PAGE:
Top 10 Sonoma Wine Tasting Tips
10 Sonoma Wine Tasting Tips from the Local Experts
For those visiting wine country for the first time or striving to perfect the quintessential tasting itinerary, we’ve compiled a list of ten key wine tasting tips. While we’ll always leave the tasting notes and pairing suggestions to the winemakers and sommeliers, our intention is for MacArthur guests to get the most out of the wine tasting experience from beginning to end.
1. Don’t Overcommit.
We recommend a maximum of 3 tastings in a day. Take your time, fully immerse yourself in each experience, give yourself time to enjoy serendipitous moments (i.e. meet the owner, take photos of a red-tailed hawk flying over, peruse the merchandise). Any more than 3 tastings, and you’re better off ordering a tasting flight at a wine bar.
2. Drive Time +10.
Give yourself extra time for travel. Drive times between wineries often take longer than expected. Slow farm vehicles, wildlife, steep windy roads and not-to-be-missed lookout points might cause a photo-worthy slow-down.
3. Leave it to the Experts.
Book a tour through local experts that will take you to the best off-the-beaten path wineries. Not only will they take care of the itinerary curation based on your preferences, they’ll also provide the transportation. All you have to do is show up! We recommend our Behind the Cellar Door package, in partnership with Bohemian Highway Travel Co. Venture behind the cellar door to those who don’t normally open to the general public. You’ll be whisked away in a refurbished Land Rover Defender to three off-the-beaten path boutique wineries and have an in-depth look at the vineyards and winemaking process. Enjoy a chef prepared farm-to-table lunch with the Mayacamas mountain range as your backdrop.
4. Nourish & Fortify.
Breakfast is the most important meal of the day, especially on a day of wine tasting. Sit down for a nourishing bite at Layla, or grab a banana and protein bar at The Porch. For extra points, fortify your system with an adaptogen boost such as Adaptogen Balance from Wooden Spoon Herbs or Power Dust from Moon Juice, sold in The Porch.
5. Get Comfy.
You can dress to impress from head to tibia, but make sure to wear comfy shoes. Many of the wine tasting experiences in Sonoma include vineyard tours, a peek in the working cellar, a spontaneous game of bocce, a picnic in the oak grove or a spirited frolic in the grass.
This seems like a no-brainer, but trust us, this is so important we’ll reiterate it at the bottom of the list. Drink a bottle of water after each tasting, and when you return to the hotel.
7. Activate Your Senses.
Everyone has a different tip for how to taste wine. The somms and professionals might tell you to vigorously swish the wine in your mouth, drawing air over your tongue to release the aromas and flavors. Others might prompt you to drink the wine casually or without too much thought, as you would at any meal or social setting. Our suggestion is to do whatever comes naturally, as long as you activate your senses for a 360 degree sensory experience. Look carefully at the color and clarity of the wine, smell intently to take in the aromas (it’s okay if you can’t pinpoint the exact notes), taste fully and explore the flavors as they evolve in your glass over time (do they remind you of anything?).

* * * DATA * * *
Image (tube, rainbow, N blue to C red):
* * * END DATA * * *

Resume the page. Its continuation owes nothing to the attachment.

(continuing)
8. Trust Your Palate.
Your palate is the only one that matters. This goes for “liking” or “disliking” a wine. You may love the inexpensive entry wine on the list, and you may loathe the crown jewel in the portfolio that garners a 3-figure price tag and a 100-point score from Robert Parker, Antonio Galloni or other luminary critics. Go with your gut, your taste is the only one that matters. This also goes for flavor cues. You may taste notes of “strawberry soda,” “grandma’s gooseberry pie” or “cut garden hose” (inside joke from the movie SOMM!). Go with it – taste is personal, and often linked to personal memories and nostalgic experiences. Don’t be afraid to voice what you are tasting. There are no wrong answers.
9. Spit & Dump.
As uncouth as that may sound, it is totally acceptable to discard any unwanted wine, whether you don’t care for the taste or you want to mitigate your alcohol intake. You can “swirl, swish and spit” – most wineries provide a receptacle for just this. Or, you can dump any remnant wine from your glass into the dump bucket (don’t be afraid to ask which vessel is the dump bucket, as it might be the one that looks like a beautiful ceramic vase!).
10. Support Mom & Pop.
Many wineries in Sonoma – and almost all that we refer our guests to – are small, family- or independently -owned “mom and pop” wineries. Your visitation is wonderful support in and of itself. And if possible, it’s lovely to support these boutique wineries by (a) purchasing wine, (b) joining the wine club or allocation list, (c) tagging them in any social media posts, (d) recommending the winery to a friend and/or (e) tipping any wine host or educators that provided a stellar experience. Find a list of wineries that work together through Sonoma Valley Vintners & Growers Alliance to create unique wine experiences including the release of Spring wines in May.
Our hope is for our guests to have a memorable experience exploring wine country, tasting wines that have been in the making for decades and learning the stories of those that have devoted their lives to winemaking. (And remember – hydrate!)